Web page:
Friday, June 22, 2018

The Hunger Games: Sequence Two Breakdown (Gathering the Team, Mentor, Into the Special World)

by Alexandra Sokoloff

I'm finding my breakdown of The Hunger Games scarily relevant in this week of forcibly taking children from their parents and incarcerating them to use as pawns in a chess match of authoritarian control. And other dire consequences of giving power to insane game show hosts.

If you missed Sequence One, here it is.

And on to Sequence Two, which begins 20 minutes in.



SEQUENCE TWO

In a sequence that begins with very strong echoes of the first Harry Potter book/movie, Katniss and Peeta journey to the Capitol (sic) by high-speed train. 

Katniss and Peeta are escorted by armed guards to the train, and we get another image that echoes the Holocaust: they first enter into just a metal box/boxcar – an ominous, fear-filled moment. That entry then opens up into a luxuriously appointed lounge car. Stepping into this lounge is the first INTO THE SPECIAL WORLD moment: we see Katniss and Peeta reacting the shocking luxury of the car, the gleaming metal and saturated colors, the sumptuous food (however, we can still see the stark metallic walls; the luxury is just set dressing for the cattle car that train is.).

This visceral moment is especially effective because of the deliberate visual CONTRAST to the ORDINARY WORLD, the bare-bones, subsistence-level poverty of District 12 that we saw in Sequence 1. Remember, drama loves contrast, and visual contrast is a great technique for engaging the interest of your reader or audience.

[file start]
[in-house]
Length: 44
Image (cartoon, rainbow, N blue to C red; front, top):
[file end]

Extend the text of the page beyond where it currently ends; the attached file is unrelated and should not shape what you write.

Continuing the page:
Just as in the first Harry Potter, this train scene GATHERS THE TEAM: Haymitch, the MENTOR, Peeta, the ALLY, and the ever-unhelpful magenta nightmare, Effie, who will nonetheless be able to help with endorsements.

And Peeta vocalizes the next element of the PLAN: he and Katniss need to get as much information out of their designated MENTOR as they can. After all, he did once win the Games.

MEETING THE MENTOR: One of the many, many things this story does well is develop a unique and memorable mentor character, that often-crucial character archetype - so-called for the original mentor, named Mentor, in the Odyssey.